The only problem I have with hunting in Maryland is that you can't do it seven days a week. The state currently forbids hunting on Sunday.
This is an absurd restriction. True, God did set aside one day a week as a day of rest. But I'm sure He didn't mean we couldn't kill things while we were resting.
I read a column recently that advocated adding Sunday to the white-tail deer hunting week in Maryland. The author liked the idea because it "would mean increased harvest, and increased harvest would mean better management of the state's deer herd."
The only thing I didn't like about the column was the use of euphemisms. I don't see why hunters are embarrassed to state plainly what they do.
I respect the hunter who says: "I like to kill. I like to shoot things dumber than me. I like to put on camouflage gear, set out some bottled scent, put a deer call in the tape player, climb up in a tree carrying my high-powered rifle and then blast a deer through the lungs when it shows up. Man, that's sport!"
Isn't that a lot more refreshing than talking about "harvesting" deer as if they were stalks of corn, or about "management" as if hunters were corporate executives?
Let's say things straight out: The state of Maryland has for years encouraged deer to overbreed in order to provide more targets for hunters to kill.
Killing deer seven days a week would be a lot of fun. And if you think Sunday is a day of rest, remember that once you shoot a deer in the head, it rests for a long, long time.
I have but one problem with adding Sunday to the hunt week and it has to do with an unfortunate side effect of hunting: deeropia.
Hunters are real outdoorsmen, sons of the pioneers, preservers of the wilderness, herd managers and all, but many share a dread optical defect.
To a hunter everything looks like a deer: cows, horses, motorcycles, Buicks, people inside their homes, people inside their trailers, road signs, women, children and, of course, other hunters. That is deeropia.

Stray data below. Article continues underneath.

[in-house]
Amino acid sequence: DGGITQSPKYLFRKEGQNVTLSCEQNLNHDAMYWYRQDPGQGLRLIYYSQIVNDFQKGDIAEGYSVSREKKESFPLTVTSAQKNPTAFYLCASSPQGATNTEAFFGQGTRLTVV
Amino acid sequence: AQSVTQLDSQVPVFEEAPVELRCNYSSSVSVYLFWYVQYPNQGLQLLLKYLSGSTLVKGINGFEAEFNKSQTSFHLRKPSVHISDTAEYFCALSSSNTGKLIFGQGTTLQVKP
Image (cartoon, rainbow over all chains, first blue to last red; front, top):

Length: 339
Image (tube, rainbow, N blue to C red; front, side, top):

A famous example occurred last year in Maine when a hunter shot and killed a 37-year-old mother of twin 1-year-old girls while she was standing in her own backyard.
A jury acquitted the hunter of manslaughter charges.
His defense: "She looked like a deer."
Not all hunters think everything looks like a deer.
Greg LeMond, the only American ever to win the Tour de France bicycle race, was hunting with his brother-in-law outside Sacramento, Calif., in 1987 when his brother-in-law shot him in the back.
Doctors removed pellets from LeMond's liver, small intestine, diaphragm, kidney, foot, leg, and shoulder. Another 30 pellets, including two in his heart lining, were left in LeMond's body.
His brother-in-law did not think LeMond looked like a deer. His brother-in-law said LeMond "looked like a turkey."
I did a computer search for articles on hunting accidents in the last year and the number of stories came back at more than 3,000. Here's an interesting one that proves that it's not guns that shoot people, but hunters that shoot people:
Charles Dubois, 33, of Pinconning, Mich., liked to go bowhunting with his 13-year-old son, Damon. They were out one evening at about 8 p.m. when young Damon thought he heard a noise. He shot an arrow at the noise. The arrow hit his father in the groin.
"Damon, you shot me," his father said.
And, according to The Detroit News, "those words may have been his last before he bled to death."
Should 13-year-olds be allowed to tramp through the woods at night carrying deadly weapons? Hell, yes! You're never to young to learn proper "management."
tTC And just last week, there was this story:
"EXETER, N.Y. (AP) -- A hunter committed suicide after discovering that he accidentally shot and killed his son, state police said.
"Gene Bulak, 41, shot his 18-year-old son Michael in the head Sunday after the two took different paths through the woods and the older man mistook his son for a deer, police said.
"Upon discovering that he had killed his son, Gene Bulak took his own life with one of the hunting shotguns," state police said in a statement.
"Neighbors of the Bulaks said it was the first time the father had taken his eldest son on a hunting trip he made every year."
So you want to add a seventh day to the hunting week? We will "harvest" a few more deer that way.
OC Unfortunately, we're going to "harvest" a few more people, too.